Find a cause that means something to you. Maybe one that you, or someone you know, is already involved with. This way you have, at least, some idea of where the money goes and you’ll be more in control and forgiving if things don’t go to plan. For example, I’ve posted a Pig Gig that McShane & Shaw are doing on July 31 – it’s for a pig sanctuary where abandoned pigs get to spend their lives running around in a wood. I’m doing it because, a) I like the idea of seeing some happy pigs and b) I’m friends with one of the volunteers and also the other musicians. I’m expecting the day to be a good laugh even though it probably won’t lead to other work – but if that happens then great.
Be Clear Up Front and Know Your Objectives
Treat it like a paid gig. In fact, you could try and ask for a fee. It’s not widely known but when major bands play benefit-concerts they are usually being paid. Doesn’t hurt to ask.
Assuming they aren’t paying you, find out what they want from you and get them to be specific about what they will do for you: such as the timing & duration, is there a green room and food provided? Will there be allocated parking?
Give them an idea of the value of your service (what you would normally charge for a similar gig.)
Set up a relationship of mutual respect and understanding. You will do everything you can for them but they also need to take care of your needs too. It’s the least they can do.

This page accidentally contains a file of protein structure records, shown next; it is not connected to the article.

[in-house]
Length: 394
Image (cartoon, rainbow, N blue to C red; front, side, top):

Know Your Limits
It’s no surprise that many events don’t go to plan. They often rely on inexperienced labour so communication can be patchy, delays endless and technical failures many. Unless you are the main draw then musical entertainment is one of the first things to get side-lined – as in Marian’s example: the organisers had lost control of the timing and the once-indispensable musical performance was now, frankly, getting in the way. Reading Marian’s story, it’s easy to think you might have cut your losses sooner but it’s hard to cut and run when you’ve spent weeks planning for a gig. There’s always a kernel of hope that it will turn out okay even when the evidence shows otherwise. Once you see that the audience is tired from overlong speeches, and that your appearance will do nothing to enhance their evening, other than make it longer, it might be best to make a polite excuse and leave, or at least cut your set very short.
Be Professional and Give Your All
When I think back it’s unusual for a charity gig to lead to paid work. If anything, it generally works the other way around. But it won’t work at all if you treat unpaid work dismissively. Marian’s duo was right to get dressed to the nines and give their all. And it’s a credit to all of us that, despite getting the equivalent of a dog’s butt projected onto our faces from time to time, we laugh it off and we carry on.